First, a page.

One of the most surprising boasts in George Osborne's last Budget was his declaration that "under this government income inequality is at its lowest level for 28 years" (indeed, it prompted cries of disbelief from the Labour benches). Surprising because it's rare for Conservatives to be preoccupied with the gap between the rich and the poor and because austerity is generally held to have widened it.
But the trend isn't as unusual as some suggest; it's normal in times of economic stagnation for inequality to fall as middle class earnings decline and the automatic stabilisers protect the incomes of the poorest. What Osborne didn't mention, however, is that the figures he cited date from 2011-12 and inequality is thought to have risen since as the government's welfare cuts take full effect and high-earners reap the benefits of the abolition of the 50p tax rate.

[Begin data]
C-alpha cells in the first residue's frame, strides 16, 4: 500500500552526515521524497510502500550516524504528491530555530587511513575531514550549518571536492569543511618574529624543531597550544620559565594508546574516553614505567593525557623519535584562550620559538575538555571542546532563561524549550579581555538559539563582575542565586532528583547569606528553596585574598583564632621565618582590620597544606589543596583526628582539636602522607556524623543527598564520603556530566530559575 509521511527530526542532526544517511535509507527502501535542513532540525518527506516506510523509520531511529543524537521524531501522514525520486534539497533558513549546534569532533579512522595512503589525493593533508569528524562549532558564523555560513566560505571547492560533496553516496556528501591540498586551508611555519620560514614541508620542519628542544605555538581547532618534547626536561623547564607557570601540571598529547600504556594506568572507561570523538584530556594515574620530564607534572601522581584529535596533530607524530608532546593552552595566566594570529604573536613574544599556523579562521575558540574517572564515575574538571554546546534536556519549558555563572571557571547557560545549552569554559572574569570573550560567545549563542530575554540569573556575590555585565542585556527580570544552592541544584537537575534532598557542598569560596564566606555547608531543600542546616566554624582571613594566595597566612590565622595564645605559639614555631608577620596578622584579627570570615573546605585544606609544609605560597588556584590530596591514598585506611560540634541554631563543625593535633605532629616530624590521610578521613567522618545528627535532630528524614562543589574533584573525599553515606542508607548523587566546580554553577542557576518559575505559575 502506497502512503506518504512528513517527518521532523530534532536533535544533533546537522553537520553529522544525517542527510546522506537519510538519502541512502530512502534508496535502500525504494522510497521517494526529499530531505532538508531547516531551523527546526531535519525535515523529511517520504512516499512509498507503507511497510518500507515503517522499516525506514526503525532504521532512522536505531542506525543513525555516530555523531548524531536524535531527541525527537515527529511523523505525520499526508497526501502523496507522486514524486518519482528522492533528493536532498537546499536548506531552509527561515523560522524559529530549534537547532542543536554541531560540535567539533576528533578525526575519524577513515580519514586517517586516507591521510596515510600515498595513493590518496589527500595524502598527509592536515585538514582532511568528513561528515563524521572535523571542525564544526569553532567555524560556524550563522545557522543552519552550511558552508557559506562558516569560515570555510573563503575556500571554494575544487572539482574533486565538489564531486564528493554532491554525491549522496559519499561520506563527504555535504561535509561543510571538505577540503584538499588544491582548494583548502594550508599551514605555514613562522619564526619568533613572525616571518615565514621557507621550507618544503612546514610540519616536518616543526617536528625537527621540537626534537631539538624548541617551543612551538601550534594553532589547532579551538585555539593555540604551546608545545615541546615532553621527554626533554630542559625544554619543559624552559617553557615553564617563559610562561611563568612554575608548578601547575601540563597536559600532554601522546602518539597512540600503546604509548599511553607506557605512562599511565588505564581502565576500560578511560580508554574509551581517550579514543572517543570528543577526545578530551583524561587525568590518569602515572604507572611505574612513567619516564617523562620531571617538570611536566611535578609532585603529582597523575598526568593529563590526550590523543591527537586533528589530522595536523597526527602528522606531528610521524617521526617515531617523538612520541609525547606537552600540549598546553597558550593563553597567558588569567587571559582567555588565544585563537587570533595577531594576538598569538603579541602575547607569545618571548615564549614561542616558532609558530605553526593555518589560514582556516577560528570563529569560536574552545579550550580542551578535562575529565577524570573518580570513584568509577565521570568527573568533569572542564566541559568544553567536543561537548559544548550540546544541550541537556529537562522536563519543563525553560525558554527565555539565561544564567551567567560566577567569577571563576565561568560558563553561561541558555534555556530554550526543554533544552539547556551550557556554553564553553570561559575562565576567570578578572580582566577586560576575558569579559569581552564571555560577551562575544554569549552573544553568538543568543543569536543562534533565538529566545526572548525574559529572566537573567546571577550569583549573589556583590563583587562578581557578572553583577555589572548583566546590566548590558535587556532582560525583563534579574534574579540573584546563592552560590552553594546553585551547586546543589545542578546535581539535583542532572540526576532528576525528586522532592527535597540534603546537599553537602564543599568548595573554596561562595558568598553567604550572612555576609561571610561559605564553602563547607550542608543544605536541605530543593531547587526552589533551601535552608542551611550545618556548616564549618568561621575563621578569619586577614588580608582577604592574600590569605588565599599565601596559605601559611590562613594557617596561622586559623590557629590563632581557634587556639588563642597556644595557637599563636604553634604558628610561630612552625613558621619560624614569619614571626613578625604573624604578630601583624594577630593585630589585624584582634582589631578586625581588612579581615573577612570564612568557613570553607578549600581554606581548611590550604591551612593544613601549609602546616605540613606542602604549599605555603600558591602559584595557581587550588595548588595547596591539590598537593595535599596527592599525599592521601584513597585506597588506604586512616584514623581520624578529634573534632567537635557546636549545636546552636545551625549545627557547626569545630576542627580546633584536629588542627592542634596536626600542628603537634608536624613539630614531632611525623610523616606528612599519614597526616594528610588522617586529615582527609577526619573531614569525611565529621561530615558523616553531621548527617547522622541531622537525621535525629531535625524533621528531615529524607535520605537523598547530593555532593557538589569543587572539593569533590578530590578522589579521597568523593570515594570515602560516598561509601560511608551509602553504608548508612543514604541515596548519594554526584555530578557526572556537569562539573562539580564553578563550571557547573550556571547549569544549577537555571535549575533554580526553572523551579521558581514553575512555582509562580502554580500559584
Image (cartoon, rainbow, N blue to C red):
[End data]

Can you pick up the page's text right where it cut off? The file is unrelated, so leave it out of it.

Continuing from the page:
New data released by Labour today suggests that is precisely what has happened. Over the last year, the share of post-tax income received by the top one per cent of earners – 300,000 people – has risen from 8.2 per cent (in 2012/13) to 9.8 per cent (in 2013/14), while the share taken by the bottom 90 per cent has fallen from 71.3 per cent to 70.4 per cent.
In Labour's economic battle with the Tories, this is potent ammunition. It is empirical proof of the party's assertion that the recovery is benefiting a few at the expense of the many (one David Axelrod will hone when he holds his first meeting with Ed Miliband and other senior Labour figures today). As the coalition prepares to hail new figures showing average wages (inflated by high pay at the top) outstripping inflation, expect Labour to put this message centre stage.
The challenge for Ed Miliband, who rightly regards inequality as the defining issue in politics today, will be convincing voters that he has both the will and the means to halt the widening chasm between rich and poor.